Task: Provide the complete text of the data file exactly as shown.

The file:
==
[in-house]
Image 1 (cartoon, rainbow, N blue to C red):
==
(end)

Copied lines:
[in-house]
Image 1 (cartoon, rainbow, N blue to C red):